Illinois is closing out July in style and gearing up for more politics in August. The same day Gov. Rod Blagojevich unveiled a “compromise” capital plan to fund road and school construction projects throughout the state, his office was sued along with Senate President Emil Jones Jr.’s office for not releasing budget-related details. And the governor’s idea to transfer nearly 150 positions from Springfield three hours south to Harrisburg is the subject of hours of testimony opposing the idea, although southern Illinois folks like the idea of an economic boost. (More on that in the next post.) And after all that in one day, the condition of state government is unlikely to change any time soon.
I write “compromise” in quotes because there’s no deal on the capital plan without all parties on board. Although the governor’s office made a gesture to compromise by getting rid of the revenue source that House Speaker Michael Madigan ruled out — expanded gaming — it’s clear that the governor’s revised proposal still lacks support from House Democrats. The new version reduces the spending amount from $34 billion to $25 billion. So, yes, the casino-less proposal satisfies three of four caucuses, but those three caucuses were on board in the first place.
House Democrats’ concerns about the first plan still stand. Most prominently, they still don’t trust the governor to fairly distribute the capital funds. House Majority Leader Barbara Flynn Currie, a Chicago Democrat who represented the speaker in today’s meeting and in previous leaders’ meetings, reiterated Madigan’s stance: House Democrats won’t get on board unless the spending side of the capital plan is crystal clear. Steve Brown, Madigan’s spokesman, said specific line items are an “absolute requirement.” In an e-mail after the meeting, Currie echoed: “Assuming we could reach agreement on the revenue side — a big assumption — we would definitely want line-item allocations and some way to guarantee that dollars allocated are actually spent.”
Her kicker: “So I think we continue to be on a very steep uphill climb.”
The governor’s revised revenue ideas still lack consensus. House Democrats repeatedly have questioned the wisdom of the first revenue source: selling off all or part of the Illinois Lottery to the private sector. The state asset generates money for public education and has been estimated to be worth more than $10 billion, leading some to question why the state would sell it rather than revamp it and maximize its value. Proponents say the private sector could be more efficient and aggressive in managing the lottery’s potential.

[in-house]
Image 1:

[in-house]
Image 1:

Currie said, however, that privatization also could negate the original intent and appeal. “The lottery was originally sold as a way to help education, so buying a losing lottery ticket still helped the kids. Take away education, and people may feel they’ve been bamboozled.”
The governor’s proposal does include a “lockbox” for capital investments and lottery proceeds for education. And supporters of the lottery lease say the upfront cash and the ongoing state share of the profits would ensure that public schools would receive at least the same amount under the public-private partnership.
The other funding idea includes transferring higher-than-expected revenues from two state taxes, the motor fuel tax that goes into a dedicated Road Fund and the sales tax on gasoline that goes into the general revenue fund. Currie said her caucus could consider using “excess” revenues from the motor fuel tax (a.k.a. Road Fund) if the administration proves that the money would go directly to capital construction projects. Transferring excess revenues from the state sales tax on gasoline (a.k.a. general revenue fund) is a different story. “Diversions from GRF — which, essentially, is what taking gasoline sales taxes really is — could be a very tough sell,” Currie said. Without support from House Democrats, a capital plan is unlikely to advance.
Two nonprofit groups supporting limited government are suing Gov. Rod Blagojevich and Senate President Emil Jones Jr. for denying access to budget-related documents.
The Illinois Chapter of Americans for Prosperity based in Chicago and Judicial Watch Inc. based in Washington, D.C., filed suit in Sangamon County. They allege that both offices repeatedly denied requests under the Freedom of Information Act to release information about how a lump sum of $1.7 billion was spent in fiscal year 2008. In a Statehouse news conference Thursday, the two groups justified their suit by citing newspaper reports about questionable grants doled out by individual legislators. They’re asking the court to require Blagojevich and Jones to release information about specific uses of the money.
They’re targeting so-called member initiatives that distribute state grants to local nonprofits or units of local government, and so on, and the grants aren’t subject to competitive bidding processes or to legislative debates. Projects often are lumped together in a single dollar amount and lack specific descriptions of how that money would be used.
Jones’ office says its attorneys are reviewing the suit and don’t have a comment. I’m still waiting for a response from the governor’s office.
Joe Calomino, director of the Illinois Chapter of Americans for Prosperity, said the group did not sue House Democrats or Republicans because they released detailed information about money issued for member initiatives.
The group, which publishes an online blog called Pork Report, also is behind legislation that would create a Web site to track all money spent on all districts, all state contracts, all state employees and all tax credits to improve government transparency. It was intended to serve as a one-stop shop for taxpayers. The measure was unanimously approved by the House but stalled in the Senate.